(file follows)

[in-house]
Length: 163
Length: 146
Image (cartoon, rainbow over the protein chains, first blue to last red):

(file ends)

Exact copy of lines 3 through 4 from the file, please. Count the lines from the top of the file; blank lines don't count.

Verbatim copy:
Length: 146
Image (cartoon, rainbow over the protein chains, first blue to last red):